Effects of Rain and Insecticides on Drosophila Suzukii Abundance and Behavior
Spink, Katherine Rose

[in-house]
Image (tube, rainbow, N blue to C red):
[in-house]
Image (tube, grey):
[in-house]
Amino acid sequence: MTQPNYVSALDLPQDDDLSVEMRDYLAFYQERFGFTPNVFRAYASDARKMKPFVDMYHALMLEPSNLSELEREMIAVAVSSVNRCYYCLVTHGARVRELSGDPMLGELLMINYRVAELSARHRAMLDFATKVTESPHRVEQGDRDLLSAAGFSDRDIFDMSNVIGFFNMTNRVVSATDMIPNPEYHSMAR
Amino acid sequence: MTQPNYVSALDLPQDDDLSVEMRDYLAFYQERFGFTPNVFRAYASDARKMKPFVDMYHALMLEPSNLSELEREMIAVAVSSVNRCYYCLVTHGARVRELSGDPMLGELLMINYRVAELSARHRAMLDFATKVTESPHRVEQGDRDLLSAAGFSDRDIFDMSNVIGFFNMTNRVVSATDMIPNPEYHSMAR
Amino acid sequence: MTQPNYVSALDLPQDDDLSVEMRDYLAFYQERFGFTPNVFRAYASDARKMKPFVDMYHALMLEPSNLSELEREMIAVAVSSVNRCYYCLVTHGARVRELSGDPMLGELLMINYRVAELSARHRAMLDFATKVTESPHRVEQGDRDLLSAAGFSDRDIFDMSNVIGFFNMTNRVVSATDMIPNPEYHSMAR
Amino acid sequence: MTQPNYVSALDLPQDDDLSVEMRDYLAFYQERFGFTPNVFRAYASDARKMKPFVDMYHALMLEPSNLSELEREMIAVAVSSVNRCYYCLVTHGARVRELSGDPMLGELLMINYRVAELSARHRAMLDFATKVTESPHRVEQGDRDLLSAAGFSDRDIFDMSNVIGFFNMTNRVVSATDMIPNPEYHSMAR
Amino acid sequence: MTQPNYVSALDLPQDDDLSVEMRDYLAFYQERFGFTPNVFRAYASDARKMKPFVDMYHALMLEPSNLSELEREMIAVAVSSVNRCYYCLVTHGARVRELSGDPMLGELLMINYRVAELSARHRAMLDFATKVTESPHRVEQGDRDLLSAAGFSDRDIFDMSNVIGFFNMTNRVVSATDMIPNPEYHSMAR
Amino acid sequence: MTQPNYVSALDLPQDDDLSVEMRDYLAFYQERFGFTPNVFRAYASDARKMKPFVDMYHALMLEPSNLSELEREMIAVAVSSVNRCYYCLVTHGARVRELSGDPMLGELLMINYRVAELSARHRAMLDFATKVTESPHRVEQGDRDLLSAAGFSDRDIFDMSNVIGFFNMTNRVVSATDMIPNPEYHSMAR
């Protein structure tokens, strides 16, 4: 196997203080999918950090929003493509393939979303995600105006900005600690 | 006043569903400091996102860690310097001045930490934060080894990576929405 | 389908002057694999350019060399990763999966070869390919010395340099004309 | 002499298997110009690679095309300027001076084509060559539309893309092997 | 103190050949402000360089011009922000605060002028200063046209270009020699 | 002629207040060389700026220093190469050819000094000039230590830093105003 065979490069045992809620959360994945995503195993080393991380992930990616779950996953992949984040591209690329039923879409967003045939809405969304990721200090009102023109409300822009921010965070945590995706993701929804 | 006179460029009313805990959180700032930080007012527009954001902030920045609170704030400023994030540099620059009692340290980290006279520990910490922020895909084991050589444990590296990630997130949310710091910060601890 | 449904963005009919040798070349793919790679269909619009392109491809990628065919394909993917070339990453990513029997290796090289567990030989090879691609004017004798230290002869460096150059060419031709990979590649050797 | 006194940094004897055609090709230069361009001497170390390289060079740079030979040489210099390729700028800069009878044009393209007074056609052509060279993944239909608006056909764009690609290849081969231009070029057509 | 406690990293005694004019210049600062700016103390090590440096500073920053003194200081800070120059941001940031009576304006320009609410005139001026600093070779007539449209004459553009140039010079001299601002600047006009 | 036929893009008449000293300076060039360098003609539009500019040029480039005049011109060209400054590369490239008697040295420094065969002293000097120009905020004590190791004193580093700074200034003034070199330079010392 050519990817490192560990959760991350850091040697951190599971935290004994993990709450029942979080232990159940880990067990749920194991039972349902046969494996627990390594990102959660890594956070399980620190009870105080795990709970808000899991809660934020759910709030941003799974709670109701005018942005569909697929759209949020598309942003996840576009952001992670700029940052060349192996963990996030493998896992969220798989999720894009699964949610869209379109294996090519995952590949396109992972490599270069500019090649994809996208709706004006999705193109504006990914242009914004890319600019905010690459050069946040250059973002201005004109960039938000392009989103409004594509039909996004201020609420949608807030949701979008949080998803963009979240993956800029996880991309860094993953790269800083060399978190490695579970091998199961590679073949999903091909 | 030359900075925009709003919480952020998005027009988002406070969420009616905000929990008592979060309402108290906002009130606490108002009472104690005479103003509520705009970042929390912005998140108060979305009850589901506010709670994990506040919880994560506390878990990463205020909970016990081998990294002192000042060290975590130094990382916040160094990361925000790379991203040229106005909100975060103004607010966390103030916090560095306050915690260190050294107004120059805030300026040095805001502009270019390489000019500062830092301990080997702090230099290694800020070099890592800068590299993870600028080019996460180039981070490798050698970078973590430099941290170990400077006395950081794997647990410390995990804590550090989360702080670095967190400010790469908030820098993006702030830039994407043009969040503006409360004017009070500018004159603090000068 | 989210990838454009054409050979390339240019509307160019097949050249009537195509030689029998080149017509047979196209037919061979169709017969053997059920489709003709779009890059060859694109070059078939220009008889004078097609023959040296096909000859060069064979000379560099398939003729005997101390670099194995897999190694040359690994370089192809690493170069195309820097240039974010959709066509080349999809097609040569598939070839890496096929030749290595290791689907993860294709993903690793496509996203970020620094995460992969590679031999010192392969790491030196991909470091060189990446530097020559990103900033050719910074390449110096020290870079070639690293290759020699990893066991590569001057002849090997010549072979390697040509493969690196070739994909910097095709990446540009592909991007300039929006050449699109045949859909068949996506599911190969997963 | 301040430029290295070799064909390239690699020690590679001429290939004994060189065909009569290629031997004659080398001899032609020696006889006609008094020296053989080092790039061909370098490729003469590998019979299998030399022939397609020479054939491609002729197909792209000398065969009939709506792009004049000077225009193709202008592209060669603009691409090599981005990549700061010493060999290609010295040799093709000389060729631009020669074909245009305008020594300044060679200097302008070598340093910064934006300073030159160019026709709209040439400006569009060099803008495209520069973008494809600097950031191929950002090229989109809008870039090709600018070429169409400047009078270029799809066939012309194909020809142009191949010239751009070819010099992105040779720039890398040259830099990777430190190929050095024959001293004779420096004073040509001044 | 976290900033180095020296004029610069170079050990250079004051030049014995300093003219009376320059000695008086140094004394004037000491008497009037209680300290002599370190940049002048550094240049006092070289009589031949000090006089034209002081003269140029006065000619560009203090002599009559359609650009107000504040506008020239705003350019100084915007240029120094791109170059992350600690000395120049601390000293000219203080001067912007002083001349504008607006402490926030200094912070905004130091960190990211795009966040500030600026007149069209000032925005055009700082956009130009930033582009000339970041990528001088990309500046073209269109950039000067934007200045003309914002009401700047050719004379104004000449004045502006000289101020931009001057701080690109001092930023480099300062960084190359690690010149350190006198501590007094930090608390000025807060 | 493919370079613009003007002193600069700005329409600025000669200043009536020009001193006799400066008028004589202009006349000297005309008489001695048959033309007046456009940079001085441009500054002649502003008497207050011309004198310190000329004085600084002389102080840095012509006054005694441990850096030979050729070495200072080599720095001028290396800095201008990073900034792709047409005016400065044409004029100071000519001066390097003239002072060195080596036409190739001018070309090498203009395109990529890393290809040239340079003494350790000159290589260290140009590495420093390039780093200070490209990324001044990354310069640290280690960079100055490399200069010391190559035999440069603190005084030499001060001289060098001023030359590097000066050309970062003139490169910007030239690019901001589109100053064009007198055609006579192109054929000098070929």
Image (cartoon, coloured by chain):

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An invasive insect to the Unites States, Drosophilia suzukii (SWD) has been destroying marketable fruit since its introduction, particularly blueberries. The current pest management strategy relies heavily on insecticide sprays to protect fruit from infestation. Though research has been done on the efficacy of different insecticides against SWD, only one previous study has looked at the impact of rain on insecticide efficacy against SWD. This study’s aim was to determine if there was an effect of rain on fly behavior, effect of rain on insecticide effectiveness, or if there was an effect of rain duration on insecticide effectiveness. We hypothesized that rain would cause a change in SWD behavior, and that rain and rain duration would decrease insecticide effectiveness, causing an increase in SWD abundance. We performed this experiment by applying insecticides and simulating rainfall using the irrigation system in two different blueberry varieties, while collecting in-field observational data. This study found no significant effect of rain on fly behavior. There was a significant decrease in fly populations in insecticide sprayed rows compared to unsprayed rows, but no significant differences in fly population numbers between rain and no rain treatments. We hypothesize that this may be due to the immediate fatal impact of insecticide sprays on in-field fly populations, leaving no time for recolonizations from surrounding areas. If so, this would strengthen the case for the use of border rows in fields, as they would act as strong deterrent for neighboring flies trying to infiltrate the fields, allowing for continued protection of the field and fruit after a rain event.